UN Trust Fund launches its Annual Report 2021
Foreword by Vesna Jaric, Chief a.i., UN Trust Fund to End Violence against Women
Every year since 1996, the UN Trust Fund to End Violence against Women (UN Trust Fund) has reported on trends in challenges to achieving freedom from violence for women and girls, at the same time highlighting how women’s rights organizations and feminist movements have harnessed opportunities and developed promising practices to counteract these trends. During that time, women’s rights organizations and feminist movements have spearheaded transformational change and shown extraordinary resilience in the face of obstacles.
Gender inequality is both universally pervasive and context dependent. Violence against women and girls is one of the most prevalent obstacles to development and a deeply rooted cause of inequality sustained by socio-cultural norms that govern our societies. In more recent years, the COVID-19 pandemic and a number of overlapping crises have greatly exacerbated an already dire situation for women and girls. This is why the achievement of the Sustainable Development Goals is heavily dependent on our ability to put an end to violence against women, especially in the context of disruptive events that represent significant threat multipliers.
The year 2021 was marked globally by a backlash regarding women’s rights. This is one of the key indicators of the erosion of freedom, increased risks of authoritarian rule and shrinking spaces for civic action. As the world has been adjusting to the “COVID-19 new normal”, 2021 witnessed a series of overlapping crises, from natural disasters linked to climate change, to the sudden escalation of protracted crises into outright conflict as well as increased economic insecurity. These crises have devastated the lives of civilian populations and there is a direct correlation between their impact and the rise in violence against women and girls.
Natural disasters are increasingly driving the destruction of habitats, migrations, instability and food shortages. This increases the risks that women and girls turn to negative coping mechanisms to survive or are the victims of gender-based violence, such as trafficking, forced and child marriage and sexual exploitation. In addition, waves of growing populism and radical right-wing politics, coupled with anti-gender movements, are mutually reinforcing each other and jeopardizing the gains made in creating a more equal and safer world for women and girls. The organized attacks on women’s bodily autonomy, health choices and reproductive rights are coordinated and well resourced.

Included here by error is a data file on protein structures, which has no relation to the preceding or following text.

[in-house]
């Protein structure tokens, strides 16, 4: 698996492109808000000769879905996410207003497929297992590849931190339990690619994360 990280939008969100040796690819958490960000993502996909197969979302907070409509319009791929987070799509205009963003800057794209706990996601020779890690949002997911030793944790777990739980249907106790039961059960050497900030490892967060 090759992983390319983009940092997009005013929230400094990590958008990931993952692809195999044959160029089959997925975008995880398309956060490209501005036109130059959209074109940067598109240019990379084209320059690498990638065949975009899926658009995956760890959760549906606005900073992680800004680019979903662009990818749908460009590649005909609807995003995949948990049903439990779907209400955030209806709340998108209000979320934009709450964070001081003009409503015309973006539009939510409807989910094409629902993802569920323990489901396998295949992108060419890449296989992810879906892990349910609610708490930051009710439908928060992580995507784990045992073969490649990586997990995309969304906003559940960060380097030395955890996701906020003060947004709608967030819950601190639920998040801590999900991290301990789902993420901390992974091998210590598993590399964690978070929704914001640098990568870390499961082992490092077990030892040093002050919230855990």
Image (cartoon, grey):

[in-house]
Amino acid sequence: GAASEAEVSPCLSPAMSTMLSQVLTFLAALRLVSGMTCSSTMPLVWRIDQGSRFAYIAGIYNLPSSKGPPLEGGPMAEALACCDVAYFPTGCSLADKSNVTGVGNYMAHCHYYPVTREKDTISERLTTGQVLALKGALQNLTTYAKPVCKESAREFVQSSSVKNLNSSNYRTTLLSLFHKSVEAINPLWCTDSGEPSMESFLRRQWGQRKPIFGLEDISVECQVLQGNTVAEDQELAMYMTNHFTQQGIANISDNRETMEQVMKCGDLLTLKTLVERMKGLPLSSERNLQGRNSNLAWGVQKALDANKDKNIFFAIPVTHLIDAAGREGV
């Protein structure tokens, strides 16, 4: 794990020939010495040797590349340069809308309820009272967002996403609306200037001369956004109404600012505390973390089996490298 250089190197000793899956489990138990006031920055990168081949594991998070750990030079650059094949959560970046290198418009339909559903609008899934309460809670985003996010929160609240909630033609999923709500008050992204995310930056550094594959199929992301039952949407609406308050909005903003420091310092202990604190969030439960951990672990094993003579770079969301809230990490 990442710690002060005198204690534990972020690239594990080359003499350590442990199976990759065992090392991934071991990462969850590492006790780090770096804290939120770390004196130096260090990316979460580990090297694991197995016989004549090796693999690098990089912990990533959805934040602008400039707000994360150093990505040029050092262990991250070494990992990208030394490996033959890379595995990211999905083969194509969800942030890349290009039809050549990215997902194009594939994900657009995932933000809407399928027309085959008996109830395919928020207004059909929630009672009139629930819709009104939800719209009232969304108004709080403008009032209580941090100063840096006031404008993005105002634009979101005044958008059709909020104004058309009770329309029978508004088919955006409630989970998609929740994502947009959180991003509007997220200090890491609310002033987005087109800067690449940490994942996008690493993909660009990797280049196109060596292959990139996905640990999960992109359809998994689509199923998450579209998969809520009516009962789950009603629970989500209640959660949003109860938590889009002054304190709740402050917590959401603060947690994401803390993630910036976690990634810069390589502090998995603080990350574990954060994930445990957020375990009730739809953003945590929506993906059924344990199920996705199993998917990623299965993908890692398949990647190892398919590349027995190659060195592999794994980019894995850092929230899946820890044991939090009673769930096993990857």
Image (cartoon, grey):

As we are preparing to publish this report, the war in Ukraine is raging, taking a massive toll on human lives and generating indescribable suffering. It appears that the violations of the human rights of women and girls — extensively documented by international ad hoc tribunals (the International Criminal Tribunal for the former Yugoslavia and the International Criminal Tribunal for Rwanda) and the International Criminal Court — are happening once again. Sexual violence, including rape is yet again weaponized against women and girls and will have a long-lasting impact on the generations to come.
The sudden shift from the development to humanitarian context in Ukraine has challenged the foundational concepts of the separation between development and humanitarian aid. Concurrently, the rapid escalation of war, forced migration and the global outcry for a rapid response created an increased focus on investments in security through military protection and shifts in funding toward humanitarian responses. These shifts carry a risk of scaling down development aid investments in ending widespread human rights abuses such as violence against women and girls. Reduced spending on ending violence against women, heightens the likelihood of a backlash on hard won gradual progress towards the achievement of the Sustainable Development Goals.
New challenges require new solutions that transcend divisions and build on a development-humanitarian-peace nexus while recognizing the central role that women’s rights organizations and feminist movements play in this space.
The UN Trust Fund’s report bears testimony to the life-saving work of women’s rights organizations in contexts of multiplied threats and overlapping crises that have required them to adapt, build solidarity networks and act collectively to safeguard women and girls’ lives, dignity and rights. Investment in their organizational resilience is an investment in the infrastructure of hope. Women’s rights organizations are rooted in the territory of their operations and have the ability to reach those at risk of being left furthest behind, by providing services and support and bolstering women’s empowerment, which has proven to be the most effective strategy for achieving human development.
If we measured development success by the ability to reach and serve those at risk of being left furthest behind, there would be no doubt that direct resourcing to women’s rights organizations is our best bet for delivering upon the promise of sustainable human development.
Chief a.i., UN Trust Fund to End Violence against Women